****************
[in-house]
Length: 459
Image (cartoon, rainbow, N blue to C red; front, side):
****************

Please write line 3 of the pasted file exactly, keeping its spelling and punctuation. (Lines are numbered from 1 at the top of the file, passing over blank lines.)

Image (cartoon, rainbow, N blue to C red; front, side):